Veteran centre back Chris Mavinga, who spent the last six seasons with Toronto FC, has joined the Los Angeles Galaxy.
Mavinga has signed a two-year contract through the end of the 2024 MLS season.
“Chris brings experience, quality and more championship pedigree to our backline,” Galaxy head coach Greg Vanney, who was in charge of TFC when Mavinga came to MLS in January 2017, said in a statement Thursday.
Mavinga, a French-born Congolese international, ranks eighth in all-time appearances for Toronto with 153. Injuries restricted him to 19 regular-season games last season when he made US$1,037,500.
Mavinga came to Toronto from Russian side Rubin Kazan in January 2017, signing contract extensions in 2018 and 2020.
In 2017, Vanney called him the team’s “safety blanket.”
“Not only does he defend his space and his responsibilities, he has incredible recovery speed … when you think you’re exposed, Chris comes out of nowhere to make a play,” Vanney, a former elite defender himself, said at the time.
Toronto signed free agent centre back Matt Hedges last month to bolster a defence that tied a franchise record last year by conceding 66 goals during a disappointing 9-18-7 season that saw TFC finish 27th overall in the then-28-team league.
But Mavinga's departure leaves another hole to fill on a backline that was already left short after Carlos Salcedo returned to his native Mexico in July.
TFC also has veteran Shane O'Neill and Lukas MacNaughton at centre back.
While Mavinga's athleticism has never been in doubt, Toronto coach Bob Bradley made it clear last season that he wanted more consistency from him.
He pulled Mavinga at halftime of a 1-1 tie at FC Dallas in the 2022 season opener, later providing a pithy take on Mavinga's play.
"Chris is athletically a gifted player," Bradley said. "But if in certain moments you just rely on your athleticism, then you can still get caught in tough spots. I think we're just trying always to always get Chris to be a little more aware of different situations, read things a little bit better, make good decisions.
"But in a way that's what we try to do with everybody. so it's not like that's a special way of working just with Chris.''
Off the field, Mavinga wears his heart on his sleeve.
In August 2021, he took to Twitter to explain to Toronto supporters that he had missed a game due to his four-year-old daughter's seizure. And last July, he also used social media to apologize for a poor on-field performance, saying he had been struggling on and off the field with some family issues.
"Even with the help of the club it's been difficult for myself to play with a free mind. last season and through this season," he wrote.
In September, he revealed his second child also had had to deal with health problems and that he had considered retirement. In a club video, he thanked Toronto's Hospital for Sick Children for its help and fans for their support.
Mavinga, whose father is Congolese, started in the Paris Saint-Germain system at 14, working his way up to train with the first team at 17. After a coaching change blocked his path, he spurned an offer from Arsenal to join Liverpool at 18.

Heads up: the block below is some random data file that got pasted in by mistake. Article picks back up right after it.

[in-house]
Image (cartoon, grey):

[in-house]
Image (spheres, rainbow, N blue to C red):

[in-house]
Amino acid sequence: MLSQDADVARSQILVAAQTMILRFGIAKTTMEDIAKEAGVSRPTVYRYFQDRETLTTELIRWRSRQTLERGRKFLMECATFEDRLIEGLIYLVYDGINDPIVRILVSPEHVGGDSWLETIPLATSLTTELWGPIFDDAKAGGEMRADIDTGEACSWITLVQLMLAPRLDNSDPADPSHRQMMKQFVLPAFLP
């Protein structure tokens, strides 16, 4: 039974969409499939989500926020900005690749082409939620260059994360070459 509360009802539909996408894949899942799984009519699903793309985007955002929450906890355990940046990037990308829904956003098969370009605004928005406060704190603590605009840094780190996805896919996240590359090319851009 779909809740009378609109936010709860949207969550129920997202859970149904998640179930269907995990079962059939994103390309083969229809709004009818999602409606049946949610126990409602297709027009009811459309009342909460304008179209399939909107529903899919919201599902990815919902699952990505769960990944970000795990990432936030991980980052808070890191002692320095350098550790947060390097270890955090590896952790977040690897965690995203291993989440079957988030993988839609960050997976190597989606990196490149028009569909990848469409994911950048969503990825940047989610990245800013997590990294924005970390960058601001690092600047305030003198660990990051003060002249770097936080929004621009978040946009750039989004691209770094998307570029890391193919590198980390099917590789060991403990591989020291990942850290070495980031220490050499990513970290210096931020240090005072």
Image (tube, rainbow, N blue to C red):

He did well in the Liverpool reserves and helped France win the under-19 European title in 2009-10. But he found himself shunted to the back in Liverpool after manager Rafa Benitez left.
He was loaned to Belgium’s Genk, making headlines for all the wrong reasons in 2011 in a title-deciding game in the season finale. Before the match, the media spotlight had been on the young Mavinga, who was determined to show he could handle the opposition.
Chasing a high-bouncing ball down the flank, he went to kick it while Standard Liege’s Mehdi Carcela-Gonzalez bent down to try to get his head to it. The result was Mavinga catching Carcela-Gonzalez flush in the face with his boot. The Moroccan, who was knocked out on the play, suffered facial fractures and a concussion.
“Footballer suffers horror knockout,” was the English tabloid Sun headline.
Genk went on to win the game — and the title. While his teammates celebrated, Mavinga cried.
“This night was terrible for me,” he said.
While acknowledging it was a mistimed challenge without any malice, Bleacher Report still ranked it No. 42 among the 50 dirtiest tackles in world football in a 2012 list.
Wanting new pastures, he left Genk for France’s Rennes, where he played regularly and saw Europa League action.
He transferred to Rubin Kazan in 2013, a move he soon regretted. While he saw action there, the team changed coaches and eventually loaned him to France’s Reims and Troyes.
Returning to Russia, he went six months without a game. He told his agent he wanted a change, with a call from TFC opening a new door.
It was a rough landing in MLS. He was sick when he arrived in training camp and found himself going back and forth to France to be with his pregnant partner.
A former French youth international, Mavinga made his first Congolese debut in September 2015.
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This report by The Canadian Press was first published Jan. 5, 2023.
Neil Davidson, The Canadian Press